Acquisition double-talk, part 1: On the one hand, this deal is all about the oft-vaunted idea of “synergy” (even if that word is not used). The idea is presumably to build LinkedIn into all sorts of Microsoft products. Great! But, does this mean I’m going to get all sorts of messages suddenly asking if I want to share my Word doc through LinkedIn or have some LinkedIn integration with an Excel spreadsheet…or…what? There’s a lot of talk today about how this is going to broaden Microsoft’s reach into all sorts of new channels for selling stuff like cloud services. But does one of the largest tech companies in the world really need to spend $26 billion to reach new customers?

Acquisition double talk, part 2: Structurally, LinkedIn is going to remain independent. Per the Nadella memo:

“LinkedIn will retain its distinct brand and independence, as well as their culture which is very much aligned with ours. Jeff (Weiner) will continue to be CEO of LinkedIn, he’ll report to me and join our senior leadership team. In essence, what I’ve asked Jeff to do is manage LinkedIn with key performance metrics that accrue to our overall success. He’ll decide from there what makes sense to integrate and what does not.”

So why do the deal?

Officially, according to the slide deck announcing the deal, key opportunities for the combined entity include:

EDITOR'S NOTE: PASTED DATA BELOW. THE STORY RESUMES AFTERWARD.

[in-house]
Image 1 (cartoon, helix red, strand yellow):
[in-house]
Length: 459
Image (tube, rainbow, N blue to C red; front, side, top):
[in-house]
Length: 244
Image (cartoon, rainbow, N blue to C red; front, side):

• Realize a common mission by bringing together the world’s leading professional cloud and professional network
  • Drive increased engagement across LinkedIn as well as Office 365 and Dynamics CRM
  • Accelerate monetization through individual and organization subscriptions and targeted advertising

LinkedIn’s CEO Jeff Weiner explained his perspective, in an email to employees:

Both [Weiner and Microsoft CEO Satya Nadella] recognized that combining [the two companies’] assets would be unique and had the potential to unlock some enormous opportunities.

For example:

  • Massively scaling the reach and engagement of LinkedIn by using the network to power the social and identity layers of Microsoft’s ecosystem of over one billion customers. Think about things like LinkedIn’s graph interwoven throughout Outlook, Calendar, Active Directory, Office, Windows, Skype, Dynamics, Cortana, Bing and more.
  • Accelerating our objective to transform learning and development by deeply integrating the Learning solution in Office alongside some of the most popular productivity apps on the planet.
  • Realizing LinkedIn’s full potential to truly change the way the world works by partnering with Microsoft to innovate on solutions within the enterprise that are ripest for disruption, e.g., the corporate directory, company news dissemination, collaboration, productivity tools, distribution of business intelligence and employee voice, etc.
  • Expanding beyond recruiting and learning & development to create value for any part of an organization involved with hiring, managing, motivating or leading employees. This human capital area is a massive business opportunity and an entirely new one for Microsoft.
  • Giving Sponsored Content customers the ability to reach Microsoft users anywhere across the Microsoft ecosystem, unlocking significant untapped inventory.
  • Redefining social selling through the combination of Sales Navigator and Dynamics CRM.
  • Leveraging our subscription capabilities to provide opportunities to the massive number of freelancers and independent service providers that use Microsoft’s apps to run their business on a daily basis.

Those are enticing future possibilities, to be sure, but are they really worth 26.2 billion dollars? Some commentators were far more positive.